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What Embodies Virtue?

The notion of virtue is most likely to be associated with chastity and morality, and, therefore, related to monasteries and religious matters. Some will equate it to purity, both internal and external. The great Ancient Greek philosopher Plato renders Socrates’ judgments on this issue, his renowned teacher who inferred in discussion with Meno, and ascertains that no one could know what virtue is and whether it can be taught. This is the external theme of Meno. It is a difficult question to answer as it is hardly possible to define the notion of virtue precisely. The concept comprises too voluminous substance and of too numerous parts. Plato also raises the problematic issue of knowledge, developing the topic of his previous dialogues. Although Socrates concludes that a true opinion and knowledge about perfection guides to righteousness, these components solely do not constitute it: possessing a virtue still depends on upbringing, good intentions and attitude towards others as well as inborn personality traits.

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Firstly, it is common knowledge that parents tend to put all the best into their offspring and want them to become almost indefectible. Accordingly, each new representative of a generation should be better as compared to the former ones. The theory works only with one amendment: not all descendants will readily perceive the grains of truth the elders are willing to bring to them. Moreover, neither side is in fault, but so are the peculiarities of each person’s character. Exactly this Socrates is telling Meno: no matter how noble, respectable and kind a person is, he or she cannot teach their virtue any other individual, even the one of own flesh and blood. Nevertheless, in most cases, people do manage to transfer their best qualities to their children, upgrading them, in a certain sense. It is important to give the impetus, form a diligent view, and allow it develop to the greatest possible extent.

Secondly, as knowledge is the key point in solving the mystery of the righteousness, the crux of the matter of its achievement is education. By learning more and, thus, broadening the mindset, a person can make his or her understanding of the world more elaborate. Consequentially, such a person would be able to decide, what is good and what is bad. According to Socrates, “. . . [all] things hang upon the soul, and the things of the soul herself hang upon wisdom, if they are to be good . . .” (Plato, 380 B.C./1987, p. 292). Therefore, learning more helps to gain wisdom and, in turn, the soul’s flourishing. On the other hand, it is impossible to become a good person, relying only upon the amount of information stored in the head. Some individuals may use it for good purposes; others will decide to do the opposite. Unfortunately, people not always feel the heavy burden of responsibility for their deeds and are concerned only with themselves.

Another problematic constituent of virtue, as the most vivid proof of being a human, is amiability. This feature requires having good intentions not only concerning oneself but towards others as well. Therefore, best attitudes to also people indicate if not possession of a virtue, then at least a trace of it. Beginning from the smallest steps, people can achieve dramatic results. The aforesaid reminds of planting tiny seeds for the sake of growing a blooming and fruitful garden. For example, Mother Teresa was famous for her immense humanity and, undoubtedly, was a highly virtuous person. She had done many actions worth to be called the heroic ones, the reflections of which still exist now, even after her death. From Mother Teresa’s example, it may be deduced that goodness and sympathy are somehow synonymic notions. Not only living with people but also living for them deserves the highest grade in human’s virtuousness scale.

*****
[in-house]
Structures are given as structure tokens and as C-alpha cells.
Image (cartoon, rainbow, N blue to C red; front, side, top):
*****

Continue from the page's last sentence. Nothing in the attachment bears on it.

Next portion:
After all, many representatives of our society seem to have their goodness innate. This thought is also corroborated in Plato’s dialogue: the quality of virtue might be granted by God, namely to poets, prophets and statesmen, who, “. . . being inspired and possessed of God, in which condition they say many grand things, not knowing what they say” (Plato, 380 B.C./1987, p. 304). The author also reminds the words of Socrates, who was sure that all the things people seem to have just discovered or invented, are, in fact, the reminiscences of the souls from their previous lives, and the ability to remember them is truly a heavenly gift. It is a disputable question, as regardless of the way it was received, every skill, including virtue, needs to be maintained and developed mentally, similarly to every muscle in the body, which requires physical training.

Therefore, it is possible to obtain virtue in various ways, be it just good intention or the gift empowered by the divine nature. It is obvious that without the proper ratio of knowledge and true opinion, it is impossible to channel person’s potential in a proper direction. This trait could be given not only by nature: it is a total product of upbringing in cooperation with prolific education and humane attitude to the world. Meanwhile, an important fact is that with the increasing of knowledge, the level of responsibility is rising as well. No matter of the amount of virtue a man possesses, he or she should develop and train it, since, like every skill, it tends to deteriorate. Even the smallest deeds can have a big influence in the long run that will be equally effective for the ancestors, contemporaries and descendants. 

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